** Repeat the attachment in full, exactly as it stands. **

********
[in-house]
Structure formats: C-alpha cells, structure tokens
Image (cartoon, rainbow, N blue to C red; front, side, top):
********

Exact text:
[in-house]
Structure formats: C-alpha cells, structure tokens
Image (cartoon, rainbow, N blue to C red; front, side, top):